The campaign arm for Senate Republicans raised more than its Democratic counterpart in July, according to newly released fundraising numbers from the respective committees. House Republicans also posted comparatively good fundraising numbers but still trailed the Democratic Congressional Campaign Committee in its monthly and cumulative fundraising.The National Republican Senatorial Committee brought in $2.75 million in July, according to a spokesman, while the Democratic Senatorial Campaign Committee raised $2.04 million in the same time period. The DSCC, however, will report having more in the bank than the NRSC with $7.15 million in cash on hand and $3.33 million in debt. The NRSC will report having $4.43 million in their bank account, but no debt. This is only the second month this year in which the NRSC has raised significantly more than the DSCC. Meanwhile, the DCCC barely raised more than House Republicans campaign arm, bringing in $3.2 million in July. The National Republican Congressional Committee, which has trailed the DCCC in fundraising every month this cycle, will report raising $3.08 million the smallest margin of defeat so far this cycle. The DCCC continues to build its strong war chest with $10.2 million in cash on hand, but $5.3 million in debt. The NRCC will report having $4.01 million in the bank and $2.75 million in debt. The DCCC has raised significantly more than its GOP counterpart this year, bringing in $34 million to the NRCCs $24.4 million. But the DCCC has used much of that money a total of $24 million in disbursements so far to pay off debt from the 2008 cycle. The DSCC has only slightly outraised the NRSC this year, bringing in about $25.3 million compared with Republicans $23.45 million.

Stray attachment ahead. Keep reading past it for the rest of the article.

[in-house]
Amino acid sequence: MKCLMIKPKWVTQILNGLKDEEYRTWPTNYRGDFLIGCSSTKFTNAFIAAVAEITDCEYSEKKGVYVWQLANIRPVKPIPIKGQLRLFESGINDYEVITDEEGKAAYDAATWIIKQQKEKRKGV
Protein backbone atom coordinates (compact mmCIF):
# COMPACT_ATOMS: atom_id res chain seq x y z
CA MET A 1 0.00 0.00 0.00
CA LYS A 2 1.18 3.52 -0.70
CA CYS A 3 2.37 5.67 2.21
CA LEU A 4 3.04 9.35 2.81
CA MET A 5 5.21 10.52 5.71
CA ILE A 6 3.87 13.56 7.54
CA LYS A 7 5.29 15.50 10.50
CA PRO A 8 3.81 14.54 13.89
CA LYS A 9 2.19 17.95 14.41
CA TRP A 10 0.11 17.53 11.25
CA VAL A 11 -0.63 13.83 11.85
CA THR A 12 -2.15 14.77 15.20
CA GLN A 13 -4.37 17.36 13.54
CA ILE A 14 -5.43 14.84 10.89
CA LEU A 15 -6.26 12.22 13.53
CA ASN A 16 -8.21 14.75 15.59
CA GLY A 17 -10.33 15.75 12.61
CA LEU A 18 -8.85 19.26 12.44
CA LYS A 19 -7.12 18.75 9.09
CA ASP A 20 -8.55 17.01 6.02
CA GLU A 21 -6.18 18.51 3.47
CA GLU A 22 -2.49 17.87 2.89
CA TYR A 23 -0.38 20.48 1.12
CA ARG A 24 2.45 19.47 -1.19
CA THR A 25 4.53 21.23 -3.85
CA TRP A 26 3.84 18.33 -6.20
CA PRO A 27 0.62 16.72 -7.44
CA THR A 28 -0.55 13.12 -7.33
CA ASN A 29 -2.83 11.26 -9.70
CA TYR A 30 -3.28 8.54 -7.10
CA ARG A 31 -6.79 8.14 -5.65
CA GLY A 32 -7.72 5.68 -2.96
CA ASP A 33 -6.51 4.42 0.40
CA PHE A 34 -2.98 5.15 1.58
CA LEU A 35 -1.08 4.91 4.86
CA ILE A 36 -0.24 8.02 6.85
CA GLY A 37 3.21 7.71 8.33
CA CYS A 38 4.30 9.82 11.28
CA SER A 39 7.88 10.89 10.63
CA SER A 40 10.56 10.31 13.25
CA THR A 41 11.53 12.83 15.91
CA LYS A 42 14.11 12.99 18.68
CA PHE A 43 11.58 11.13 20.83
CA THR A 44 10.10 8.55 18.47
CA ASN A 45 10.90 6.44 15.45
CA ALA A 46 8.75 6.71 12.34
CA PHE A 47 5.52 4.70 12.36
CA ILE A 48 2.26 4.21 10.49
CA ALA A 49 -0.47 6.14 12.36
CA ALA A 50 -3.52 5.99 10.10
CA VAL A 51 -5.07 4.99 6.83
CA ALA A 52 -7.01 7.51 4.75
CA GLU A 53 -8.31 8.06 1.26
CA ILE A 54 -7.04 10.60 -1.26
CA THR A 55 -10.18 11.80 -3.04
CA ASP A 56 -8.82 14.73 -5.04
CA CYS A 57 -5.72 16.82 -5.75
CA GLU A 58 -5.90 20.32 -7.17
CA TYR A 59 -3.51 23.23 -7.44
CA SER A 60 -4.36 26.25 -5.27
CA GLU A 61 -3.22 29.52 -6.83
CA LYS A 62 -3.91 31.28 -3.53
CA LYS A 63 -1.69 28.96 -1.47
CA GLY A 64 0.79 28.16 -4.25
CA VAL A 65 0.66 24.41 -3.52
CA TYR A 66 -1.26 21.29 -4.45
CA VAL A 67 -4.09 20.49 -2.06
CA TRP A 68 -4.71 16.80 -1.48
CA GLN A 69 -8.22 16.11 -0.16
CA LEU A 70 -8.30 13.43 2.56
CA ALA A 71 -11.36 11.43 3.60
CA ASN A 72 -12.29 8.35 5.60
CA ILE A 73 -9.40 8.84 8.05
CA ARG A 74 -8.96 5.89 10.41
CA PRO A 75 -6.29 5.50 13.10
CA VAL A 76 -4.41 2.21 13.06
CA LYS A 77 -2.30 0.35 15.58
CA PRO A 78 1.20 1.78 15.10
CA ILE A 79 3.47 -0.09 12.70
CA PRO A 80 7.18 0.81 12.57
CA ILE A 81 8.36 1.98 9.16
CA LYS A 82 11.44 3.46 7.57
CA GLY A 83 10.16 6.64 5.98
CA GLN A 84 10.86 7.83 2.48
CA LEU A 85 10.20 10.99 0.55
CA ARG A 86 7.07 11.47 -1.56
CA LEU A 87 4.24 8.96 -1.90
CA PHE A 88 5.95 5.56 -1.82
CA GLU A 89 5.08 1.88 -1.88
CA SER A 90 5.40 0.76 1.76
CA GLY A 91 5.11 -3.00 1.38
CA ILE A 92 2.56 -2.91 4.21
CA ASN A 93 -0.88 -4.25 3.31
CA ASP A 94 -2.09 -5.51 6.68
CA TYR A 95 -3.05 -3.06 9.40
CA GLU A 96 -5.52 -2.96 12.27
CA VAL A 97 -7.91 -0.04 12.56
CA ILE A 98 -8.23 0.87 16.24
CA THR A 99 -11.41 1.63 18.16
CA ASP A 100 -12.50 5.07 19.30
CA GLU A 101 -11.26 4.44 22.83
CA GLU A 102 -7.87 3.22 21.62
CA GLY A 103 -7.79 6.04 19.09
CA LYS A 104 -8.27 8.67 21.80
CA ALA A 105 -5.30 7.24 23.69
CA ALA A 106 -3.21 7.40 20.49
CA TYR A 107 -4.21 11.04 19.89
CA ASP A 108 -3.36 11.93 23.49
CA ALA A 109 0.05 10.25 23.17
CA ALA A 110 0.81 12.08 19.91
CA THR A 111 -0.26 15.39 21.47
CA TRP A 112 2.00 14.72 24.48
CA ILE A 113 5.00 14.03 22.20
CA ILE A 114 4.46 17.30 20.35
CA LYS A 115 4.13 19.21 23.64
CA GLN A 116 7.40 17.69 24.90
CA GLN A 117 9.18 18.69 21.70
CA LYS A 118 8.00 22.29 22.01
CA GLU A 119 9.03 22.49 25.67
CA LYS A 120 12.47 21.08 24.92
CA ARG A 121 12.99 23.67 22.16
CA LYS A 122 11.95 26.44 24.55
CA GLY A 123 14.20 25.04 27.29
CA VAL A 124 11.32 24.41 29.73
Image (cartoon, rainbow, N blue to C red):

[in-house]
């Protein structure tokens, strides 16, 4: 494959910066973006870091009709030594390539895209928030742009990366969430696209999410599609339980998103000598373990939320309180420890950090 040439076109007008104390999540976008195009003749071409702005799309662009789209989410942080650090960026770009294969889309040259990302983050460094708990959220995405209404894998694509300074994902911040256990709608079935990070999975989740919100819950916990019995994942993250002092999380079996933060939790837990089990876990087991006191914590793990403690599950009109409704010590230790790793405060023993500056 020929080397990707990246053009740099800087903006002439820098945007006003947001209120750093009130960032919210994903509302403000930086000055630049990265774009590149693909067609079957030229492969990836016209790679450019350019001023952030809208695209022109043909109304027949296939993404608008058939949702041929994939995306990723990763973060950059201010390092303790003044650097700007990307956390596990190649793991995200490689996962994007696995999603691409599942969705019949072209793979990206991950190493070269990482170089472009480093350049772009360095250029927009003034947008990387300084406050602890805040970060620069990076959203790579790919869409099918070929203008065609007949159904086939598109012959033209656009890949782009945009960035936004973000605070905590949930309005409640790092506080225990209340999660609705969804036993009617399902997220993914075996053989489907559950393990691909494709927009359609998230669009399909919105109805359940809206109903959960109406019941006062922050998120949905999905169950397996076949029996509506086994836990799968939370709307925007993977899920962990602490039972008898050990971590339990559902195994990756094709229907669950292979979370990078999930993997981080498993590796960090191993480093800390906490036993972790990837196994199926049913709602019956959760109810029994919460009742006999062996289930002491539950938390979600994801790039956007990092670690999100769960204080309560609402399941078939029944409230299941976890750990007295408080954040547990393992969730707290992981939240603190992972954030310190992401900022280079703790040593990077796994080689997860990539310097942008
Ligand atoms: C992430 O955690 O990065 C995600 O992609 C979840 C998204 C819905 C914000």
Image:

James Jones, communications director for DC Vote, tapes a "DC Constituents Service Day" sign on the wall as he stands with other DC residents outside of Rep. Andy Harris's office on Capitol Hill to protest Harris' actions against D.C.'s marijuana laws on Thursday, July 24, 2014. DC Vote encouraged DC residents to bring their complaints about city services to the Maryland congressman.